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Basic research

The latest articles, press releases and dossiers on basic research in Baden-Württemberg

  • Article - 06-Sep-2018

    Microsatellite-unstable cancers are characterised by a large number of mutations within short repetitive DNA sequence regions, and can form novel peptides that the human immune system recognises as neoantigens. These cancers represent a starting point for the development of vaccines to prevent them appearing at an early stage of development. Microsatellite instability is particularly frequent in colon and cervical cancers.

  • Article - 21-Aug-2018

    Parkinson's disease is one of the most common neurodegenerative diseases in the world. There are around 4.1 million sufferers worldwide. It is characterised by motor impairments that result from the death of certain nerve cells in the brain. Researchers at the University of Tübingen have now discovered that vitamin B3 has a positive effect on damaged nerve cells and can boost their energy metabolism.

  • Press release - 14-Aug-2018

    The European Research Council (ERC) awards Starting Grants to support excellent young scientists when they are starting an independent science career. In this year's round of proposals, three scientists from the German Cancer Research Center (DKFZ) have been chosen at once for the prestigious award: Ana Banito, Fabian Erdel and Moritz Mall.

  • Article - 08-Aug-2018

    Ulm has long been a world leader in diagnosing and treating rare neurological disorders, notably amyotrophic lateral sclerosis (ALS), frontotemporal dementia (FTD) and Huntington's disease (HD). We spoke with Professor Albert C. Ludolph, spokesperson for the Ulm DZNE site, medical director of the Clinic for Neurology at the RKU (University and Rehabilitation Clinics of Ulm) and world-renowned ALS researcher.

  • Article - 12-Jul-2018

    Scientists at the HI-STEM stem cell institute in Heidelberg have shown that the stem cells responsible for replenishing blood cells have the greatest potential of self-renewal of any other stem cells. However, they are normally in a dormant state, and only become active upon exposure to certain stress factors. An oncogene called MYC controls the stem cells' transition from dormancy to active self-renewal.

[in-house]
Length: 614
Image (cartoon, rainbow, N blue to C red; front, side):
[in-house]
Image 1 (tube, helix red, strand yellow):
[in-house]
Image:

• Article - 01-Feb-2018

    Which substances are suitable for treating neurodegenerative diseases such as Alzheimer's? Due to complex biochemical relationships, testing suitable drug candidates is difficult, especially in the early drug development phase. Many predictive test systems only cover individual aspects. A team from Baden-Württemberg and France is now combining different models to develop a new approach.

  • Article - 11-Dec-2017

    While breast cancer survival has clearly improved in recent years, women with triple-negative breast cancer have benefitted very little from progress in cancer medicine. Targeted therapies aimed at inhibiting epigenetic regulators might offer a potential new option for the treatment of breast cancer. Prof. Dr. Roland Schüle and Dr. Jochen Maurer have discovered an epigenetic enzyme called KDM4 and come up with a new cell model that significantly facilitates the development of new cancer drugs.

  • Article - 11-Oct-2017

    The causes, signs and symptoms of liver cancer are extremely complex. Investigating them requires the collaboration of many experts across university and regional boundaries. A new transregional research group is now studying the complex overall mechanisms at the cellular, genetic and molecular level in order to develop new concepts and drugs for treating liver and bile duct cancers.

  • Article - 22-Aug-2017

    A research team from Freiburg is developing a method for identifying human influenza viruses of animal origin. This could potentially improve measures taken to prevent imminent pandemics. The researchers are working with genetically modified mice. Transgenic mice also play a role in the development of a ’universal’ influenza vaccine.

  • Article - 08-Aug-2017

    There are many medications for treating central nervous system diseases. However, only a fraction of the active pharmaceutical ingredients actually reaches the site where they are needed. The reason for this is the blood-brain barrier that protects the brain and thus prevents many drugs used to treat neurological diseases from effectively penetrating the brain. Researchers from the Fraunhofer Institute for Interfacial Engineering and Biotechnology IGB are part of the international N2B-patch consortium that is developing a drug delivery technology for treating multiple sclerosis that enables the active ingredient to reach the brain directly via the nasal mucosa.

  • Article - 24-Jul-2017

    The German Cancer Research Center (DKFZ) and Bayer AG are collaborating on a strategic partnership focusing on the development of innovative cancer therapies. The two partners have developed an active substance which selectively blocks a mutation of a metabolic enzyme that occurs in certain types of cancer. The substance has been successfully tested in preclinical studies and is now also being tested in a clinical trial on patients with brain tumours and leukaemias that carry these mutations.

  • Article - 26-Apr-2017

    Amyloid fibrils consisting of clumped α-synuclein protein are characteristic of Parkinson's disease. Chaperones, which ensure the correct folding of newly synthesised polypeptides, can inhibit α-synuclein aggregation and, as a consequence, prevent fibrils from forming. Researchers from Heidelberg have shown that a specific combination of human molecular chaperones is able to disassemble fibrils and transform them into non-toxic α-synuclein monomers.

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